France, Round II

Posted on Apr 21, 2014

At the risk of setting an impossibly high standard of blogging frequency, here’s another quick update after another great week.

Last Monday, after a terrible night on the floor of Luton Airport, Claire, Harriet and I flew out to southern France. The first 2 days were spent at Les Tourades, A Rocha France HQ and my home for most of last summer. It was fantastic to be back, and the garden did not disappoint –  it was as if, by flying a few 100 miles south, we’d been transported forward a few months  into the height of British summer. There were butterflies everywhere, the pond was writhing with frogs, and already there were some huge grasshoppers, in flight bigger than a songbird.

Hyla arborea, apparently hasn't moved since last year

Hyla arborea, apparently hasn’t moved since last year

Monday afternoon, we cycled the entire site – about 17miles, and Tuesday was spent in the office, recovering from sunburn, sleep deprivation and “mal au derrière”.



On Wednesday we packed all the kit into the back of “the tank” – a Peugeot 806 – the biggest car I’ve ever driven, and set off through the rice paddies along the northern edge of the Camargue. We met with Timothée at Patrick’s house, north of Montpellier, and had lunch on his terrace whilst discussing plans for the season and listening to hoopoes ‘ooping’. And we finally got hold of some all-important long term data! After lunch we drove on south to Roussillon, where Claire & Harriet will be based until the end of  June. First stop, after checking out their new static caravan home, was Carrefour for 2 mountain bikes, several kilos of pasta and rice, several litres of wine and some bedding. 

After a cold night in the caravan, Thursday was spent in Garrius (the northern half of the field site) and Friday at Roller Avenue, Roller Road, and Roller Street (the southern bits). We saw all the nestboxes and some of the natural cavities, checked most of them with the snake cam., discussed land use mapping, insect surveys & RFID readers, met several land owners (all very friendly and welcoming), watched some birds, got some more sunburn, some more mal au derrière, and became quickly exhausted from cycling against the Mistral wind, which always seems to blow from whichever direction you’re cycling in.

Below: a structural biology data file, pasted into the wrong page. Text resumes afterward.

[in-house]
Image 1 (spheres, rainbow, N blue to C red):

We found loads of little owls on eggs, and the jackdaws were clearly interested in breeding too (although we found only 1 egg). To my surprise we also found 2 incubating Iberian green woodpeckers – 1 in an old tree hole, and another in a nestbox. I’ve no idea how common this is, but was under the impression that green woodpeckers excavated a new hole every year. What use are they as a keystone species if they use up our valuable nestboxes?!

Some old mountains

Some old mountains

Salse Chateau

Salse Chateau

Alas, we were a little too early for the Rollers, but we did see marsh harrier, montagu’s harrier, kestrel, white stork, hoopoe, common & great spotted cuckoo, swift, short-toed & crested larks, black redstart, wheatear, whinchat, barn swallow, house martin, serin, pied flycatcher, yellow wagtail & sardinian warbler (apologies to those species I’ve omitted). The trip to Roussillon was rounded off nicely when a huge flock of bee-eaters flew overhead whilst we were devouring our bolognaise on the veranda on Friday night.

Montagu's Harrier

Male Montagu’s Harrier

Saturday, it was back to Arles for me, where the final avian highlight was the flamingos honking through the dusk as I enjoyed a BBQ with a friend from last year.

Thanks to everyone at Tourades for their usual hospitality, and good luck to Harriet & Claire, who will hopefully be contributing to this blog in the coming weeks. And thanks for getting to the end of this post. A ‘quick update’ turned into a full hour of Monday morning procrastination!